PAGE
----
If you must implement a key-value store in MySQL, it doesn't make any sense to make it more complicated than this.
create table key_value_store (
run_time datetime not null,
key_name varchar(15) not null,
key_value varchar(15) not null,
primary key (run_time, key_name)
If the average length of both your keys and values is 10 bytes, you're looking at about 86 million rows and 2.5GB per month, and you don't need any joins. If all your values (column key_value) are either integers or floats, you can change the data type and reduce space a little more.
One of the main problems with implementing key-value stores in SQL is that, unless all values are the same data type, you have to use something like varchar(n) for all values. You lose type safety and declarative constraints. (You can't check that the value for key3 is between 1 and 15, while the value for key7 is between 0 and 3.)
Is this feasible?
This kind of structure (known as "EAV"--Google that) is a well-known table design anti-pattern. Part of the problem is that you're essentially storing columns as rows. (You're storing column names in key_value_store.key_name.) If you ever have to write out data in the format of a normal table, you'll discover three things.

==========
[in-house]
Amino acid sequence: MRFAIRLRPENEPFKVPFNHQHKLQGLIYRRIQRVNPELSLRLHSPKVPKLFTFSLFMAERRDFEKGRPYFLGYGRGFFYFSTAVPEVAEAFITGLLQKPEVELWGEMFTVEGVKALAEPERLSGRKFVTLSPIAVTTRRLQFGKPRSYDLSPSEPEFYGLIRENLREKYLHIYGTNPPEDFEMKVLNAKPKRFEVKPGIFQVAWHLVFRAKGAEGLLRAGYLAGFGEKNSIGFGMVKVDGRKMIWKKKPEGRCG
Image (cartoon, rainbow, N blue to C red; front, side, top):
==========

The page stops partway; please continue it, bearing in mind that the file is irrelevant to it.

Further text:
- It's hard to write queries to output the right format.
- It takes forever to run. If you have to write hundreds of columns, it might never run to completion.
- You'll wish you had much faster hardware. Much, much faster hardware.
What I look for
- Opportunities to group keys into logical tables. This has to do with the first design, and it might not apply to you. It sounds like your application is basically storing a log file, and you don't know which keys will have values on each run.
- Opportunities to reduce the number of rows. I'd ask, "Can we write less often?" So I'd be looking at writing to the database every 5 or 6 seconds instead of every 3 seconds, assuming that means I'm writing fewer rows. (The real goal is fewer rows, not fewer writes.)
- The right platform. PostgreSQL 9.2 might be a better choice for this. Version 9.2 has index-only scans, and it has an hstore module that implements a key-value store.
Test before you decide
If I were in your shoes, I'd build this table in both MySQL and PostgreSQL. I'd load each with about a million rows of random-ish data. Then I'd try some queries and reports on each. (Reports are important.) Measure the performance. Increase the load to 10 million rows, retune the server and the dbms, and run the same queries and reports again. Measure again.
Repeat with 100 million rows. Quit when you're confident. Expect all this to take a couple of days.